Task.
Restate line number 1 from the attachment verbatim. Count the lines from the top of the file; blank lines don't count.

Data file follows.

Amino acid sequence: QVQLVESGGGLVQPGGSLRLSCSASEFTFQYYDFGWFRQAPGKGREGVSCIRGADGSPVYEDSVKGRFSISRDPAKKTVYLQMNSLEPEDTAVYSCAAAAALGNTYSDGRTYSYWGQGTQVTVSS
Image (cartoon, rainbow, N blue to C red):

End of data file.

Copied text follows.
Amino acid sequence: QVQLVESGGGLVQPGGSLRLSCSASEFTFQYYDFGWFRQAPGKGREGVSCIRGADGSPVYEDSVKGRFSISRDPAKKTVYLQMNSLEPEDTAVYSCAAAAALGNTYSDGRTYSYWGQGTQVTVSS